Greater Palatine Nerve Block  

The greater palatine nerve innervates the palatal gingiva and mucosa distal to the canine on the side of the injection. Using a short 27 gauge needle, with the bevel towards the palate, palpate for the depression of the foramen is felt, typically just medial to the second molar and about ¾ of an inch below the free gingival margin of the first and second molars. Dry the site, apply topical for 2 minutes and apply pressure with the cotton applicator. Inject along the way until reaching the palatal bone, while still providing pressure with the swab, only a few drops of anesthetic is needed due to the tautness of the tissue.  

Nasopalatine Nerve Block  

The nasopalatine nerve innervates the hard palate, gingiva, and mucosa for anterior tissue lingual to the first premolar. The site of injection is just posterior to the incisive papilla. The technique should be identical to the greater palatine block, just with a different site of administration5.

Techniques of Mandibular Anesthesia  

Inferior Alveolar Nerve (IAN) Block  

A long 25 gauge needle should be used for this block to numb the mandibular teeth on the side of the injection along with the buccal mucosa and bone of the teeth anterior to the mandibular first molar. The site of injection is at the medial border of the ramus at the pterygomandibular raphe. This should be about 1.5 cm above the mandibular occlusal plane with the bevel pointed towards the bone. The barrel of the needle should be parallel with the occlusal plane of the molars and be centered over the mandibular premolars on the opposite side. Advance the needle slowly, depositing a few drops along the way until the ramus is contacted. Withdraw slightly, aspirate, and deposit ¾ to a full syringe of anesthetic If bone is not contacted, the needle is likely too far posterior and the injection should be attempted again with the barrel over the contralateral first molar5,8.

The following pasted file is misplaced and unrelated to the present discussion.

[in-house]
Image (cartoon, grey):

Buccal Nerve Block  

The buccal nerve is not anesthetized with the IAN block. It innervates the tissue and periosteum buccal to the molars. A long 25 gauge needle should be used following the IAN block if working in the relevant area. The needle is to be inserted in the mucous membrane distobuccal to the last molar with the bevel facing the ramus. Tissue should be pulled taut, the needle should penetrate 2-4 mm into tissue, contracting bone. Aspirate the syringe, and if negative, slowly deposit 1/8 of the cartridge5.  

Supplemental Injection Techniques  

There are numerous other injection techniques which are used for limited applications. For example a periodontal ligament (PDL) injection can be used as a supplement for an extraction or periodontal surgery to provide more depth of anesthesia to a tooth without adversely numbing other teeth, the tongue, or lips. Intraosseous injections may allow access into the pulp chamber of an affected tooth. Intraseptal injections can be given into the papilla to control hemostasis and provide additional soft tissue or osseous anesthesia5.  

Considerations in Dental Specialties  

In endodontics, if a tooth is considered “hot” and cannot be fully numbed by means of one of the aforementioned techniques, sometimes the treating doctor will slowly inject some anesthetic directly into the pulp chamber of the tooth. Proceed with caution as this technique can be mildly unpleasant for the patient and should be used as a last resort. After a few drops are deposited into the pulp chamber, the nerve should be anesthetized and root canal therapy should be able to be completed. Intraosseous injections, as well as PDL injections may be useful in providing endodontic therapy to a patient in need5.  


Local Complications  

Pain on Injection  

The most common complication associated with local anesthesia is pain on injection. This can be caused by injecting too rapidly, injecting too much solution, or having a rough or nervous dental practitioner5,8.  


Parasthesia is the feeling of unwanted, prolonged numbness and can be caused by the needle damaging the nerve or passing through it10. Most parasthesias resolve on their own within several months. However, the patient should be closely monitored for resolution and appropriate referral to a neurologist or oral surgeon may be warranted8.